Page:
The example is wrong. A car requires a predefined mould because there are fundamental engineering, functional and design rule aspects that must be adhered to in every car. Once those requirements are satisfied, you can pretty much change other things to your hearts content. In some respects, Microsoft decided to ignore some of those fundamental requirements and do their own thing.
It's like removing the steering wheel and replacing it with a joystick. Yes, a joy stick can be used to control a car, but the results will be very unsatisfactory, as that's not what people are used to using. How well do you think a car would sell if it was steered using a joystick? That's effectively what Microsoft has done.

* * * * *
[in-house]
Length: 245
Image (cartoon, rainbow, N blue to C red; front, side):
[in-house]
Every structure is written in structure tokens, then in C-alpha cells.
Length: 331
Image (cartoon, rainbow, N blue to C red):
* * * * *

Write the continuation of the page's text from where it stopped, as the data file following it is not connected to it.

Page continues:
Also, there's nothing new about touch controls in computing, it's been around for a long time; all Windows 8 does is offer an extension of that in the Microsoft environment. They are playing catch up, but alienating their traditional user base in an attempt to entice a new group of users. Windows has been a cash cow for Microsoft for a very long time, for good reason, but once they remove the reason for that traditional user base to stick with Microsoft, then the cash cow will start to dry up. Then Microsoft will be between a rock and a hard place.
Windows 8 isn't like blowing out the mold of how to design a car, it's blowing the mold of how to design a product that many others have designed, a Desktop based UI with icons and window chrome from chrome OS to mac OS, and reinvented that into a Start Screen with live tiles.